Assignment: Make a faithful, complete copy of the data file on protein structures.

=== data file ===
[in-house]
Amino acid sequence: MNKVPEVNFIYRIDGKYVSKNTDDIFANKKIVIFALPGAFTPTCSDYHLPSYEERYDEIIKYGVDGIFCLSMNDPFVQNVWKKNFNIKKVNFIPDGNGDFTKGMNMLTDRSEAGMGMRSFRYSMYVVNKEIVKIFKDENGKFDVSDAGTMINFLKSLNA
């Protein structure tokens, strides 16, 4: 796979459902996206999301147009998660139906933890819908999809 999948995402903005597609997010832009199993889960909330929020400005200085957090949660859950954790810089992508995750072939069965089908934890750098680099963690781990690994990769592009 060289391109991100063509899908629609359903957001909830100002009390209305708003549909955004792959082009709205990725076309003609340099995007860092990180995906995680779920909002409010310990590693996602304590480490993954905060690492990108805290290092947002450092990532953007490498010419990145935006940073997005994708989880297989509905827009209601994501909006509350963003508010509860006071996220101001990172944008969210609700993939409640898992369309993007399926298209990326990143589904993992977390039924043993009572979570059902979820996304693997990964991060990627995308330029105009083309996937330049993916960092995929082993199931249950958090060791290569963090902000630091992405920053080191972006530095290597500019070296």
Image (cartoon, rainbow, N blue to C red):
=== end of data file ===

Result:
[in-house]
Amino acid sequence: MNKVPEVNFIYRIDGKYVSKNTDDIFANKKIVIFALPGAFTPTCSDYHLPSYEERYDEIIKYGVDGIFCLSMNDPFVQNVWKKNFNIKKVNFIPDGNGDFTKGMNMLTDRSEAGMGMRSFRYSMYVVNKEIVKIFKDENGKFDVSDAGTMINFLKSLNA
């Protein structure tokens, strides 16, 4: 796979459902996206999301147009998660139906933890819908999809 999948995402903005597609997010832009199993889960909330929020400005200085957090949660859950954790810089992508995750072939069965089908934890750098680099963690781990690994990769592009 060289391109991100063509899908629609359903957001909830100002009390209305708003549909955004792959082009709205990725076309003609340099995007860092990180995906995680779920909002409010310990590693996602304590480490993954905060690492990108805290290092947002450092990532953007490498010419990145935006940073997005994708989880297989509905827009209601994501909006509350963003508010509860006071996220101001990172944008969210609700993939409640898992369309993007399926298209990326990143589904993992977390039924043993009572979570059902979820996304693997990964991060990627995308330029105009083309996937330049993916960092995929082993199931249950958090060791290569963090902000630091992405920053080191972006530095290597500019070296």
Image (cartoon, rainbow, N blue to C red):